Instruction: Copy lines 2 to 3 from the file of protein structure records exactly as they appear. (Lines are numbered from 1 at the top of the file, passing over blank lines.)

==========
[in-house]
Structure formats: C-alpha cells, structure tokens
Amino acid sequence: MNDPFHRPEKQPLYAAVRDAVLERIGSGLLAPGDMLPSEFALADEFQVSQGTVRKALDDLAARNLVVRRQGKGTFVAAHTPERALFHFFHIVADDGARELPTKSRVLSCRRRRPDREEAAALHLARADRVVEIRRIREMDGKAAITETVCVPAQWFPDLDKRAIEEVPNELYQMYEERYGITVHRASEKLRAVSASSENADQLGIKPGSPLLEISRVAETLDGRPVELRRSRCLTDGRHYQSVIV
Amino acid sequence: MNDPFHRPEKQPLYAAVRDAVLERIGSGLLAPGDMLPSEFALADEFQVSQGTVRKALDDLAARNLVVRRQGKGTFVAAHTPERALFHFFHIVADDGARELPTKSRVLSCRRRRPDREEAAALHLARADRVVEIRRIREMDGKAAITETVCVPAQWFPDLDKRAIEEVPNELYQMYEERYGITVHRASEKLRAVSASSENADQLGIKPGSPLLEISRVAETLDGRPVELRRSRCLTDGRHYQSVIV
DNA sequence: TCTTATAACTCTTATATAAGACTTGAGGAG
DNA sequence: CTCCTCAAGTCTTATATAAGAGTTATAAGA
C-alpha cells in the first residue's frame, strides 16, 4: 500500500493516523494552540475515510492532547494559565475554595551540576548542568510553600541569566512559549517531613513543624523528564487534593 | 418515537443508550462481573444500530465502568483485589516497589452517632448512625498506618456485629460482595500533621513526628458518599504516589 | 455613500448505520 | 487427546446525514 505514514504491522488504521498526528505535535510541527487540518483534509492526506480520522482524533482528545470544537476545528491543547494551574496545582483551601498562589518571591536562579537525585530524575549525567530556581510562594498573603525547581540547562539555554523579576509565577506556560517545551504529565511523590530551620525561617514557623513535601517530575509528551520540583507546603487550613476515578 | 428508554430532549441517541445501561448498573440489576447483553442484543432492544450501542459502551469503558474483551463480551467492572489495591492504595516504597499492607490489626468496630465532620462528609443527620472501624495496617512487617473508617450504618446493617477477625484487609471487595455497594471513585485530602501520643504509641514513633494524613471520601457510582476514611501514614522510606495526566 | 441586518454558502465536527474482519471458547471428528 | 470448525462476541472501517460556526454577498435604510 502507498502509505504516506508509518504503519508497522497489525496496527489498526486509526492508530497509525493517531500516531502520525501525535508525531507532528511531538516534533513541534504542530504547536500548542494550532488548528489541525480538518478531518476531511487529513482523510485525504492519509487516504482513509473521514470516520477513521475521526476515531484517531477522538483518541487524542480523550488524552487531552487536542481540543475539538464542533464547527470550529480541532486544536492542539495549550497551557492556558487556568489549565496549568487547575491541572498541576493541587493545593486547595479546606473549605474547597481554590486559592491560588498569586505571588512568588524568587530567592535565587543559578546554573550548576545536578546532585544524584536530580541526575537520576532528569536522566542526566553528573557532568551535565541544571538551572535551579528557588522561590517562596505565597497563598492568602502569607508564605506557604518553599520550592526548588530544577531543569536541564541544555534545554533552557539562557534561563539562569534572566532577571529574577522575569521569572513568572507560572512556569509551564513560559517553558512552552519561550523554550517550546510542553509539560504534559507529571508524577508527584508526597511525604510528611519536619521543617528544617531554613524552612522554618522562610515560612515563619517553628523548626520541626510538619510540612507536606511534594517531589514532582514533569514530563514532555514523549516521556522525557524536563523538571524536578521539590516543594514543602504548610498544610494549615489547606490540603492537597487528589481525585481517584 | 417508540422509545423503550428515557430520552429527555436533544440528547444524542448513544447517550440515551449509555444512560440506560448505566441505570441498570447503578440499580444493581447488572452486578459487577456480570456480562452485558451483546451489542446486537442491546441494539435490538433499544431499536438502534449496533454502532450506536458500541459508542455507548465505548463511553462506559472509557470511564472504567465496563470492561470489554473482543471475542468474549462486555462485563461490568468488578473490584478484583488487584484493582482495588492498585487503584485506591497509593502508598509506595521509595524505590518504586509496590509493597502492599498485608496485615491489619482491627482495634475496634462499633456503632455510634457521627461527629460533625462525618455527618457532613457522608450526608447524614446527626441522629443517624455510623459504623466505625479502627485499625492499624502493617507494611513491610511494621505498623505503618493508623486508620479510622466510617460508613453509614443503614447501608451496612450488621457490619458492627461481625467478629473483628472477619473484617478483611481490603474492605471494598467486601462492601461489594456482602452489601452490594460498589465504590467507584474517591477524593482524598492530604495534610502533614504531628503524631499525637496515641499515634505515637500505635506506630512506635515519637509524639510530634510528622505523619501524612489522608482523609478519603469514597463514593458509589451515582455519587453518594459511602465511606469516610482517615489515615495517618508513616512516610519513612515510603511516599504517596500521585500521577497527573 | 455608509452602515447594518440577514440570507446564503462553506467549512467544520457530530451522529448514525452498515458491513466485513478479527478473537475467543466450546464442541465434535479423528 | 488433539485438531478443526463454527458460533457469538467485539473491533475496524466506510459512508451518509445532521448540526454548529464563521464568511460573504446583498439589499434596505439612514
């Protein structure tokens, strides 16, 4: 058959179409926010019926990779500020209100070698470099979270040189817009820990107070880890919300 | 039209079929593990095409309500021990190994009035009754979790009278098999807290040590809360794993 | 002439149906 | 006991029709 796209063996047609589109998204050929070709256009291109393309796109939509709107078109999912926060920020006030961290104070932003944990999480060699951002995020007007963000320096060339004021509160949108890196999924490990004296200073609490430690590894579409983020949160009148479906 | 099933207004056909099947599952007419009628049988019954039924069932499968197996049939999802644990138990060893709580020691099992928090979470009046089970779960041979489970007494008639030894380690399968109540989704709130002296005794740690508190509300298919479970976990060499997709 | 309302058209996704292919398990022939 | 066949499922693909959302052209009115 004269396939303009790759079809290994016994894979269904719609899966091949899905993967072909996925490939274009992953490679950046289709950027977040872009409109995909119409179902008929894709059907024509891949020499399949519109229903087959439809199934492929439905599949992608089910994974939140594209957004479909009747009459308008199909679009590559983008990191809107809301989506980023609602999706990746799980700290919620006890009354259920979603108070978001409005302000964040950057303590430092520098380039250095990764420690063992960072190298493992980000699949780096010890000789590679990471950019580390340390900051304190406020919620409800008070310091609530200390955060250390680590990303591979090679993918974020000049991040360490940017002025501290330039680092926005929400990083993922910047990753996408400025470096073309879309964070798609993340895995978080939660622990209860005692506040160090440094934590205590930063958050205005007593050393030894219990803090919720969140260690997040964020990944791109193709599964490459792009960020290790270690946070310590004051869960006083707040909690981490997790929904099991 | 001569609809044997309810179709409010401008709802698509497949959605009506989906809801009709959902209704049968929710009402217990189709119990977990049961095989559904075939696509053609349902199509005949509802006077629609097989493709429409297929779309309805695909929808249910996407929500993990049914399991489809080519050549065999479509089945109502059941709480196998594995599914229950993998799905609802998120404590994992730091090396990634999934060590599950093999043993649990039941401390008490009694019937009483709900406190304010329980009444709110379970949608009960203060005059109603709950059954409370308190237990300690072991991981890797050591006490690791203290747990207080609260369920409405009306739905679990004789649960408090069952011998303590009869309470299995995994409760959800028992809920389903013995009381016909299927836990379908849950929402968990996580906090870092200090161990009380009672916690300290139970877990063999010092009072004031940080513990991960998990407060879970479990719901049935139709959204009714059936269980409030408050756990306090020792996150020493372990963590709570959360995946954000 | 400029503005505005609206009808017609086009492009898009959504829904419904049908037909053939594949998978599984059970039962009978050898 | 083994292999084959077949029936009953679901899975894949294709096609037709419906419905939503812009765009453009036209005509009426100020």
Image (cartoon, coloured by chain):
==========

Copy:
Structure formats: C-alpha cells, structure tokens
Amino acid sequence: MNDPFHRPEKQPLYAAVRDAVLERIGSGLLAPGDMLPSEFALADEFQVSQGTVRKALDDLAARNLVVRRQGKGTFVAAHTPERALFHFFHIVADDGARELPTKSRVLSCRRRRPDREEAAALHLARADRVVEIRRIREMDGKAAITETVCVPAQWFPDLDKRAIEEVPNELYQMYEERYGITVHRASEKLRAVSASSENADQLGIKPGSPLLEISRVAETLDGRPVELRRSRCLTDGRHYQSVIV